Fibromyalgia and piriformis syndrome can be related in origin. FMS and piriformis pain are both often enigmatic conditions that typically involve misdiagnosis and failed treatment. In our extensive and long-term study of fibromyalgia, we have discovered many facts about the condition which also not coincidentally often apply to piriformis syndrome, as well.
We have observed many patients who have received a diagnosis of fibromyalgia demonstrating what amounts to piriformis syndrome. Symptoms are identical, yet diagnosticians place the expression as being part of FMS, rather than dealing with it as a separate condition. This occurrence sparked our interest to investigate the relationship between these 2 seemingly very different pain conditions and has revealed some fascinating truths that can not be disputed.
This essay explores the link between fibromyalgia and piriformis syndrome. We will examine why many FMS patients demonstrate piriformis symptomology and how piriformis pain might even be the start of a larger scale FMS condition.
Fibromyalgia and Piriformis Syndrome Early Warning
We have observed a significant number of patients who sought help for piriformis syndrome and were diagnosed and treated without success. Early in their treatment efforts, these patients began to experience much wider-ranging symptoms that spread quickly throughout the soft tissues of the body. Eventually all were diagnosed with fibromyalgia. In these cases, all the patients were women between the ages of 21 and 45. Many of these women had excellent careers and a majority of these patients were victimized by some traumatic occurrence early in life, including sexual molestation, physical or emotional abuse and/or rape.
In these cases, did piriformis syndrome really exist or was it just an early warning of impending FMS? Why did the pain begin in the pelvic area, particularly in patients who were victims of sexual crimes and abuse? The answers to these questions might lead to improved understanding of the mindbody link between piriformis symptoms and fibromyalgia.
Fibromyalgia and Piriformis Pain
Piriformis syndrome is identified by its characteristic compression of the sciatic nerve and or pudendal nerves enacted by the powerful piriformis muscle in the hip/pelvic anatomy. However, the fact that remains puzzling to enlightened care providers is why the piriformis spasms and constricts the nerve to begin with.
Although many piriformis patients demonstrate an abnormality wherein the sciatic nerve runs through the piriformis muscle rather then beneath it, this anatomical irregularity only applies in some cases of piriformis pain. Many people who have been diagnosed demonstrate typical sciatic nerve placement in relation to the piriformis, while others who demonstrate the atypical sciatic nerve positioning will never develop pain.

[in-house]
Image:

Fibromyalgia is also easily diagnosed and defined as substantial pain in many areas of the anatomy, including several noted locations in the soft tissues of the anatomy. However, doctors have no idea why FMS occurs or exactly what is causing the painful torment that patients endure. There are literally dozens of theories, yet none in the physical realm seem universal or even plausible, given the great diversity of patient profiles, symptoms and locations affected.
All doctors can agree on is that both piriformis syndrome and fibromyalgia are both soft tissue pathologies of unknown origin that are highly symptomatic and often defy successful treatment for extended timelines of care.
Fibromyalgia and Piriformis Syndrome Singular Origin
One of the more enlightened theories of the relationship between FMS and piriformis syndrome is that both can be caused by the exact same mindbody process. Many of Dr. Sarno’s tension myositis patients were previously diagnosed with piriformis syndrome and/or fibromyalgia, yet he concluded that all were suffering from TMS, which is a condition of psychogenic origin.
No case of fibromyalgia has ever been verified as coming from any known source process. Similarly, most cases of piriformis syndrome are not linked to injury or structural abnormality, but instead are idiopathic in their causative mechanism. These factors make both of these conditions perfect candidates for psychosomatic sourcing. This is not to say that since doctors do not know the physical cause that the conditions, that they must be psychosomatic. Instead, it is simply rendering a scientific verdict that certain bits of conclusive evidence are well known and documented, all pointing towards mindbody enactment.
Ischemia has been proven to exist in both sets of patients. Ischemia is well known to affect soft tissues and cause the types of widespread pain common to FMS, as well as the muscular spasm inherent to piriformis syndrome. These types of ischemia are not caused by circulatory issues, vascular compression syndromes or any structural or systemic problems. Instead, it is clear that these forms of ischemia are purposeful implementations of the subconscious mind to act as defense mechanisms against repressed and suppressed sensitive psychoemotional issues. We are confident in this assertion, since we have utilized knowledge therapy remarkably effectively in both patient populations and have seen it make short work of pain that could not be banished using drugs, injections, physical therapy, and even surgery. To learn more, please read our full coverage of fibromyalgia on Cure-Back-Pain.Org.
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